Green Room

Enough to make me want to move to Canada

posted at 11:37 am on November 9, 2009 by

No, no, not the health care vote this weekend in the House. That was all theater, after all; even the AP says the public option is dead, and it appears to have caused a major rift in the majority.

No, the story that caught my eye over the weekend was Gordon Brown, the British PM, arguing for a tax on “day-to-day financial transactions” and getting it thrown back in his face by just about everyone there. Even Tim Geithner. But the very best reply came from Jim Flaherty, the Canadian finance minister:

We are not in the business of raising taxes, we are in the business of lowering taxes in Canada. It is not an idea we would look at.

Mr. Flaherty notes that his country has not had the financial experience of London or New York. He has regulated banks much more. Now I would argue regulation is a form of taxation, but still, if Mr. Flaherty says his government is “in the business of lowering taxes”, roll me in maple syrup and call me Canadian.

Alas, while the “Tobin tax” idea might be scotched by everyone but the British, they still want to tax banks for their own cowardice in letting one fail. Bernie Sanders has introduced a bill that says, if you’re identifying all these banks as too whatever to fail, how about you just break them up? Forget the sand in the gears — Mr. Sanders wants to throw a spanner.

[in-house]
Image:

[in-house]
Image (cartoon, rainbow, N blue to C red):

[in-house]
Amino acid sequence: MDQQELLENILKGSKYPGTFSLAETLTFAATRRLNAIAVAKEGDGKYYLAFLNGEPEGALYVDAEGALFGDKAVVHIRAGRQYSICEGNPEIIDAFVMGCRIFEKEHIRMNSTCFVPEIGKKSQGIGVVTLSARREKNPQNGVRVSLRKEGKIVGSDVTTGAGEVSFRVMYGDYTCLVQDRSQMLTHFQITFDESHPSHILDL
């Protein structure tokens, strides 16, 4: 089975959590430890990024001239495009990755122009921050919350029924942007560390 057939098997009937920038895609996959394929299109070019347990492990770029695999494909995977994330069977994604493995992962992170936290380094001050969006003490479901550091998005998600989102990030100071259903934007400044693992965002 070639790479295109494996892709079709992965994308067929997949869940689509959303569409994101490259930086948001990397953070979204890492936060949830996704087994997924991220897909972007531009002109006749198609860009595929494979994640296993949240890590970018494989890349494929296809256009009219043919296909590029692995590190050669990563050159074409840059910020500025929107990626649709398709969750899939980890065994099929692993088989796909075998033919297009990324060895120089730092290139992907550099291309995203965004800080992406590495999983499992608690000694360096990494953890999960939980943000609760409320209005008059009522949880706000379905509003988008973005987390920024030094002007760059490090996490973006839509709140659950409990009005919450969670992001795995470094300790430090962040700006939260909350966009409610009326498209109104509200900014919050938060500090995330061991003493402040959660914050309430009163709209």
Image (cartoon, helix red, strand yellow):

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Bernie is from VT–that should say it all.

jeanie on November 9, 2009 at 12:44 PM

Don’t be too hasty! Flaherty may say that, but my Ontario Premier, Dalton McGuinty is definitely in the business of raising taxes.

CityFish on November 9, 2009 at 12:57 PM

Sorry King…. The truth is lots of people across the political spectrum support the tax as well they should. Merchant houses received the lion’s share of all the bail outs and it is their high risk gambling which led to the disastrous employment numbers and deficits we currently face. The tax has not been formally rejected and the French conservatives (Sarkozy et Co.) along with Volcker and other conservatives (Germans and Swiss) support the notion that the banks should have to pay some of the funds back for the damage done to the global economy.

I understand why the Canadians are opposed. Their banks were under stricter rules and forbidden from indulging the risky activities which made fortunes on Wall St and the City. If anyone deserves an exemption it is them. There should be a reward for their prudence.

lexhamfox on November 9, 2009 at 11:09 PM

Aussie outback for me, where my closest contact is the Abo living 150 miles east of me. I’ll sit and throw popcorn at the unending stream of Obama “news” conferences.
“Come to the outback, where the men are men, and the sheep are nervous…”

docjohn52 on November 10, 2009 at 8:51 PM